First, you have to walk down some very long airport corridors of the sort that make you wonder uneasily whether you are leaving all luxuries such as coffee and snacks behind you, and will have to sit for four hours at your gate without even a Mars bar. Then you show your passport and boarding card to an official at a weird sort of nonofficial looking desk, and the fellah in front of you gets told that he’s in the wrong place because he’s flying to Manchester, and Manchester is not in America. And you feel bad for him because he’s come all this way down the long airport corridors, past all the signs that expressly said Only Come This Way If You’re Flying To America and he has to go all the way back after that pointless worry about no coffee or beer.
Beer is something they definitely have at the special America gates. In fact, once you have passed through Customs and Immigration and proved to some fierce looking border patrol guard that you are eligible to enter the land of the free, beer is very much in your future. There is perhaps one of Ireland’s nicer restaurants at the American gates of Dublin Airport. It’s called Whiskey Bread. It serves both of these items, as well as wine, an array of delicious looking Irish dishes, and of course, Guinness on tap.
I was flying back to New York on the 11:55am flight. This meant I had to be at my gate around 10am. But of course I was there at 9am. Not because I’m an old fuddy duddy who gets to the airport five hours before their flight takes off for fear of missing it. But because Dublin airport was recently the scene of thousands of people delayed and missing their flights because of some security cock-ups and thus, all travelers were strongly advised by their airlines to be at their gates three hours early or they could miss their flight and end up camping in the Terminal Two parking lot for three weeks with hordes of other hapless travelers.
I am here to tell you that even at 9am, Whiskey Bread was doing a brisk trade in Guinness.
Not to me. Way too heavy a meal at 9am. But I decided that given the rigors of my week visiting my dad in the hospital, I deserved at least a mimosa. The bartender was a very stressed out Eastern European fellah who was dealing with some high maintenance travelers of the sort that send their friends up to the bar to order for them and then complain they got the wrong thing. When he finally took my order, he was handsomely apologetic for the wait. Say stop he said, as he poured in the Prosecco. I wasn’t sure I heard him correctly, as his accent was strong, so I may have ended up with less orange juice than the usual traveler.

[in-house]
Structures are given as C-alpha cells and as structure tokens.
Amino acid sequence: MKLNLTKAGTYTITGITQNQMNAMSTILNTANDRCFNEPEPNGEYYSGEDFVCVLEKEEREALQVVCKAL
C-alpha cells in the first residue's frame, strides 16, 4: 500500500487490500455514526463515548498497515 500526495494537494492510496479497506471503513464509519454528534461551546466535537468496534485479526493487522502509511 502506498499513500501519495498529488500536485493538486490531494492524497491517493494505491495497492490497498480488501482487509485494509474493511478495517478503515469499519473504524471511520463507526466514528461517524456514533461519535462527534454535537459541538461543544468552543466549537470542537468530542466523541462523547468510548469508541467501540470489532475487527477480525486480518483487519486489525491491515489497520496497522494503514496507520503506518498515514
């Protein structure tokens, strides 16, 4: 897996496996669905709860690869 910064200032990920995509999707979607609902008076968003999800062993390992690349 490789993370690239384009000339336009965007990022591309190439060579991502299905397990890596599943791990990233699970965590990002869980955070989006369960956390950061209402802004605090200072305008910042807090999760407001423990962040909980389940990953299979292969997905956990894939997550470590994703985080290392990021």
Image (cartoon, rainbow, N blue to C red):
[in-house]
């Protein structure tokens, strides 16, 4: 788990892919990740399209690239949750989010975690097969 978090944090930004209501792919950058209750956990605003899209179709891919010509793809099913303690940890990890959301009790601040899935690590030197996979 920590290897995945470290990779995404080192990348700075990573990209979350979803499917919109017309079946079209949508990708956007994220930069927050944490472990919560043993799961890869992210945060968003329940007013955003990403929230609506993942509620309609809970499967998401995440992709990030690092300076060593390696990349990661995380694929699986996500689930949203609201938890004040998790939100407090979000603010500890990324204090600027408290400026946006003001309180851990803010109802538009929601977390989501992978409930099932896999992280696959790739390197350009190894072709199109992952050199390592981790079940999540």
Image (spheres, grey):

While I sipped my mimosa in the very crowded and I have to say festive Whiskey Bar, I glimpsed what I thought could be my plane out the window. Aer Lingus have a very Irish habit of naming their planes after saints. My plane was the St. Carthage. I wondered who was in charge of naming these planes and why they didn’t put a little more thought into it. When I finally made my way to my gate, I noticed with relief that my plane was actually the St. Macdara. With still over two hours till boarding, I whiled away the time looking up St. Macdara to see what he had been up to in his time on this earth. I learned that his first name was Sionnach, which is Irish for fox. This was pleasing to me, as my husband and I put two little foxes on our wedding cake as a symbol of, well, neither of us knew exactly what except that foxes were cunningly resonant of something about our new life in the Hudson Valley. Irish fishermen, I now learned from my googling, felt the fox brought ill luck, so they focused on MacDara rather than Sionnach. Me, I focused on fox.
I made it safely home to upstate New York, but I’m composing a letter to Aer Lingus, floating the idea that they start naming their planes after Irish culinary triumphs. I kind of like the idea of flying home to Dublin on the Whiskey Bread.